Living with a hernia < Back

Fitting a parastomal hernia into your lifeMore info
If you're suffering from a parastomal hernia, you’ve probably got all sorts of questions you want to ask. What is it? What caused it? Why has it happened to you?
We’ll try to answer some of the more common questions that we hear from patients with hernias.
We’ll also show you, with the right choice of products and a sensible lifestyle, how a hernia doesn't have to stop you living exactly the way you want to.
What is a parastomal hernia? More info

During surgery to create a stoma, the medical team make a cut in the muscles of the abdomen, around the tummy area.
This makes the muscles weaker around the stoma area, which means a section of the bowel can sometimes push through the muscle wall to form an uncomfortable bulge, or ‘parastomal hernia.’
There's no clear, single cause for a parastomal hernia, although older men and people who are significantly overweight seem to be more at risk.

How will your hernia affect you? More info

It might reassure you to know that, as a parastomal hernia sufferer, you're not alone. Research shows up to 50% of stoma patients develop a hernia following surgery.
In the early stages, feelings of distress, discomfort and self-consciousness are common. But the fact that so many hernia patients are getting on with their lives tells you it doesn't have to be a major problem.
Your stoma care nurse can help you with the emotional issues of coping with your hernia. Remember, you don't have to suffer in silence!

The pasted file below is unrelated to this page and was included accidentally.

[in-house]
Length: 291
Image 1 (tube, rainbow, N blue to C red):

Some ways to help prevent a parastomal herniaMore info
Even if you haven't developed a parastomal hernia after your operation, there is still a chance of it happening in the weeks and months ahead.
Most parastomal hernias develop over time, after surgery; it might be a couple of months after, 12 months post-surgery or possibly even longer.
The good news is: you can reduce the risk by doing some gentle tummy exercises - ask your stoma care nurse for advice. Then, when you feel ready, you can start going for short walks or a swim.
Remember, you should always speak to your stoma care nurse before you set out on any programme of exercise.

Other tips to reduce the risk of developing a hernia include:More info
-    Avoiding any heavy lifting for at least 3 months after your operation
-    Standing and sitting up straight at all times
-    Using a support belt or girdle if you're lifting things at work or home
-    Watching your weight and following a healthy diet
-    Supporting your stoma and abdomen with your hand when you cough, for the first few months after surgery.

A better fit for hernia patients from Salts More info

One of the most persistent problems parastomal hernia patients face is securing an effective fit for their wafer. Because a hernia creates an irregular ‘bulged’ surface, the adhesion of conventional wafers is often compromised, leading to leaks and discomfort.
So Salts set out to overcome the problem with a range of ‘hernia friendly’ products that offer easier fitting, extra security, added confidence and improved comfort.
It means that, whatever the size and shape of your hernia, you’ve got complete peace of mind in the knowledge you couldn't choose a more perfect fit.